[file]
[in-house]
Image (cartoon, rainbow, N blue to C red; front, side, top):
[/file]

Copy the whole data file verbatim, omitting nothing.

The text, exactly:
[in-house]
Image (cartoon, rainbow, N blue to C red; front, side, top):